talkstowolves: I speak with wolves and other wicked creatures. (talks to wolves)

Toward the end of the year, I finally got around to watching HBO’s Westworld. Many people had commented that it was just Jurassic Park, but with androids – an argument I found both ridiculous and reductive. Westworld, after all – the original 1973 film – was written and directed by Michael Chrichton. Almost two decades before Michael Chrichton himself wrote Jurassic Park. If anything is just something else, Jurassic Park is Westworld, but with dinosaurs.

One of the most compelling aspects of the original Westworld is that you have no insight into the androids – no reason is provided regarding why they begin killing guests, or whether there’s any reason inside their machinery at all. And while that storytelling aspect is intriguing in a short 1973 film, it wouldn’t have worked for a juicy television series in 2016.

So is HBO’s Westworld “just Jurassic Park, but with androids”? Hardly. It’s a reflective, chaotic, beautiful mess of a show, broaching and tackling a number of interesting topics: the development of sentience. The quality of a society that can embrace a theme park like Westworld. A jab at meta commentary on gaming culture. What makes an entity human. The power of storytelling, and the deconstruction of narrative.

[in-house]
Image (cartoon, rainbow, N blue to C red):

Westworld is a tornado, and one of its best summaries is that oft-repeated bit of Shakespeare: “these violent delights have violent ends.” So I made y’all a thing:


Violence – against others, against yourself – is a tornado, sweeping everyone in its path up indiscriminately and depositing them somewhere new. In the Maze, to come to self-realization? In a paroxysm of emptiness, a fallen and depraved society? We’re not sure. All we know is that white hats are so hard to keep clean.

And we’re grateful to Shakespeare for this line from Romeo and Juliet: “these violent delights have violent ends.” Does anyone ever listen to Friar Laurence?

This design uses the font Musicals by Brain Eaters, and features hat clipart from

You can find this design in both my Zazzle shop, What Duck?, and my RedBubble shop on a diverse array of designs:

On magnets and mugs, buttons and keychains!

On shirts and prints, pillows and travel mugs, stickers and notebooks, and more!

If you’d like anything else, I take requests – so hit the comments.

P.S. If you were a member of my Patreon, you could have received a Limited Edition Postcard of this design as a perk!

Mirrored from Please comment there.

talkstowolves: I speak with wolves and other wicked creatures. (talks to wolves)